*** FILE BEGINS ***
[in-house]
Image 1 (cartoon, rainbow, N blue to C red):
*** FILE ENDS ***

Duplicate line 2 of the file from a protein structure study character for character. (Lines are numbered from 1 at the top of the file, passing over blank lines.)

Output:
Image 1 (cartoon, rainbow, N blue to C red):